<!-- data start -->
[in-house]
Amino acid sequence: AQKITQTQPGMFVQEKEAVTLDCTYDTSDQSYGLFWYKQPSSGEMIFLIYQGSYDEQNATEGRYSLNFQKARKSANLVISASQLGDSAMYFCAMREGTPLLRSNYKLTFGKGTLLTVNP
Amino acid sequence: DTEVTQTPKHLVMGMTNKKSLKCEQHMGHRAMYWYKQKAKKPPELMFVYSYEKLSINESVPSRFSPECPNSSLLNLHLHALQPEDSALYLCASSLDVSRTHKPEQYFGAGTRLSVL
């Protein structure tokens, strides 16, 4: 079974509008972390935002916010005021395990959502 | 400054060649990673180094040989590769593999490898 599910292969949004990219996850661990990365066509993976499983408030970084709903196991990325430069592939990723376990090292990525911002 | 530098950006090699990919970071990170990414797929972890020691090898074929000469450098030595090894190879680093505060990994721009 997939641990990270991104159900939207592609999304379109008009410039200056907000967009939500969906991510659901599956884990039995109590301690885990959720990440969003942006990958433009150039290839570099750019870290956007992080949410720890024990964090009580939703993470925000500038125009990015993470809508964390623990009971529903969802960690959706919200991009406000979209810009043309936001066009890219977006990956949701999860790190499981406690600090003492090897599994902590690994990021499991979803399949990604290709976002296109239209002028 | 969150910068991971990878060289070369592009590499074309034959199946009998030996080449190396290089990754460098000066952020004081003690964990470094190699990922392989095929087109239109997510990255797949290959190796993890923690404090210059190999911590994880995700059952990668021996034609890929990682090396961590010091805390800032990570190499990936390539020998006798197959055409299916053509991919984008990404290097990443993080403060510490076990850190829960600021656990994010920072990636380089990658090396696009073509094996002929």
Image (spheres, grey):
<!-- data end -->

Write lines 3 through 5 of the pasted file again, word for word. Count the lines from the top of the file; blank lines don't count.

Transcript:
Amino acid sequence: DTEVTQTPKHLVMGMTNKKSLKCEQHMGHRAMYWYKQKAKKPPELMFVYSYEKLSINESVPSRFSPECPNSSLLNLHLHALQPEDSALYLCASSLDVSRTHKPEQYFGAGTRLSVL
């Protein structure tokens, strides 16, 4: 079974509008972390935002916010005021395990959502 | 400054060649990673180094040989590769593999490898 599910292969949004990219996850661990990365066509993976499983408030970084709903196991990325430069592939990723376990090292990525911002 | 530098950006090699990919970071990170990414797929972890020691090898074929000469450098030595090894190879680093505060990994721009 997939641990990270991104159900939207592609999304379109008009410039200056907000967009939500969906991510659901599956884990039995109590301690885990959720990440969003942006990958433009150039290839570099750019870290956007992080949410720890024990964090009580939703993470925000500038125009990015993470809508964390623990009971529903969802960690959706919200991009406000979209810009043309936001066009890219977006990956949701999860790190499981406690600090003492090897599994902590690994990021499991979803399949990604290709976002296109239209002028 | 969150910068991971990878060289070369592009590499074309034959199946009998030996080449190396290089990754460098000066952020004081003690964990470094190699990922392989095929087109239109997510990255797949290959190796993890923690404090210059190999911590994880995700059952990668021996034609890929990682090396961590010091805390800032990570190499990936390539020998006798197959055409299916053509991919984008990404290097990443993080403060510490076990850190829960600021656990994010920072990636380089990658090396696009073509094996002929």
Image (spheres, grey):